Venturing ashore, we found the island itself very dry and not especially pretty. The trees have not leafed out yet, still waiting for rainy season. Although rainy season has officially started, we have seen barely more than a sprinkle so far. Leafless or not, the 15'-tall forest is home to thousands of nestling and fledgling blue-footed boobies, brown boobies and frigate birds. Both on the beach and on the path through the forest (ascending to a green crater lake), we found ourselves allowed to approach to within 2-3' of all these! What characters they are, especially the blue footed boobies! Some quack while others whistle. We are not clear on the distinction. We didn't recognize any "dancing" (the characteristic courtship ritual), but with bright blue feet every step and slide is eye catching! The really cute ball-of-fluff stage appeared to be past by a month or so, although there were alot of ladies sitting on nests...the boobies on the ground and the frigates in the trees! The teenager boobies bounce along the ground trying to learn to fly, while the adolescent frigates in their molting phase are still anchored in their nests and seem oversize. Frigates are silent, but they are the masters of flight. We didn't see any frigates who looked anything but expert in the air. We witnessed numerous instances of gang warfare between the species as the frigates harassed boobies over the water, forcing them down. Since the frigates can't get wet, the surface is a safe place for the boobies, but every time the booby being picked on tries to take off, one to five frigates heckle him back down! We figure these are young boobies trying to learn to fish, and as the frigates are thieves, we guess they are just getting necessary lessons in life. There are also brown pelicans, Hernmann's gulls, and white terns, but these don't seem to be nesting. Mostly they hang out on the pinnacles along with the adult boobies in segregated condo communities.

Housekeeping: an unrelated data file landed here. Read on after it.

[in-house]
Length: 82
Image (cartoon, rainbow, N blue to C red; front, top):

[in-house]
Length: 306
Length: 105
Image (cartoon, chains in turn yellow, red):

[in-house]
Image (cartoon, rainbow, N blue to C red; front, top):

We may have been all alone at anchor, but we were not the only humans around. There are the fishermen who motor out at dusk from the south anchorage to set their nets and then motor back at dawn to haul them. Two pangas came by to trade fish and lobster. They wanted cigarettes, which we don't carry, but happily made do with Cokes, candy and cookies! (Their request.) Mostly they wanted to chat a bit. Since we had heard tales of yachts being forced out by fishermen here, we were happy for the friendly reception. Also, camping at the end of our beach was young couple (well a guy and a gal) from Guadalajara University who were tagging, weighing birds and counting eggs. Interesting to watch. Their campsite was pretty rustic: one tarp over their supplies and another staked out on the ground! Good for star watching!
We could have
stayed indefinitely, but now our appetite is even more whet for
the glories of Baja and the Se of Cortez! On the morning of May
16, we set out on a glassy sea on a course of 296* for a two-day,
272nm diagonal crossing of the Sea of Cortez to La Paz. There's
not a breath of wind, the engine is purring (thank God for that
Mystery Oil), and our fishing lines are out! See you there!